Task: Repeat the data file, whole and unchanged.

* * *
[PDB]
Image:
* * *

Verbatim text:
[PDB]
Image: